The Status Quo
The world today our teens are living in is far different from the one in which we, the parents, grew up. While we bought textbooks and attended college classes to gain information from knowledgeable professors, students now log on to their computers and search for anything they need to know. If they don’t feel like reading, they can watch a YouTube video. If they don’t like the perspective they find, they can simply find another “expert” online. If they need bolstering that their idea is the best, it isn’t difficult to find a Facebook group of people who agree. The reality is this: students are not short on information, but they lack wisdom for applying this information to real life situations.
Students are not short on information, but they lack wisdom for applying this information to real life situations.
Few have studied Generation Y more than Tim Elmore of Growing Leaders, a character and leadership development company. In his book Artificial Maturity, Elmore explains how teens have overexposure to information yet underexposure to genuine life experience. The application of “head” knowledge has been lost, thus creating false confidence in our teens. True confidence comes from knowing they can solve the problems they encounter via life experience.
The Downside of Convenience
Certainly, technology makes our lives more convenient, but is that always good?
Elmore notes, “Our world has become so convenient, instant, simple and virtual that certain intellectual, emotional, relational and spiritual muscles atrophy because they don’t get exercised.”
Students often lack virtues that are crucial to healthy adulthood like:
Patience/delayed gratification - the ability to wait on a reward that comes slowly
Connection/people skills - the ability to build common ground with those unlike you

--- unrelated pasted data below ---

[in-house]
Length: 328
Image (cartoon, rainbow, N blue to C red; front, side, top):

Responsibility/morals and ethics - the ability to do what’s right even when acting alone
Endurance/tenacity - the ability to stay committed and complete work toward a goal
Empathy - the ability to understand and share the feelings of another
Many of these virtues are not reflected in a student’s book knowledge or IQ but by their Emotional Intelligence Quotient, or EQ.
What's your EQ?
The concept of Emotional Intelligence was first proposed in the early 1990’s by John
Mayer of the University of New Hampshire and Yale professor Peter Salovey and later popularized by New York Times bestselling author Daniel Goleman in his book Emotional Intelligence. The Institute for Health and Human Potential defines emotional intelligence as “awareness that emotions can drive behavior and impact people both positively or negatively and that learning to manage emotions is vital.”
According to Goleman, there are five key elements to emotional intelligence: self-awareness, self-regulation, motivation, empathy, and social skills. But, how do we develop these traits? One of the best ways I have found it through a gap year - a year between high school and college when students step outside the traditional classroom to focus on growth in other areas of their lives.
A good gap year program focuses on developing the 5 key elements of Emotional Intelligence as well as the virtues of patience, responsibility, and tenacity. This, in turn, can lead students towards success in college, their personal lives, and their future careers. Additionally, a strong EQ helps students acquire the skills and attributes that colleges and employers look for: maturity, confidence, problem-solving, communications skills, and independence.
Learn about some of the excellent faith based gap year programs that help students develop their EQ in my new book The Gap Year Guide. Not only does the guide answer the most frequent questions parents have about gap year programs, it also highlights over a dozen programs that focus on character and leadership development in teens.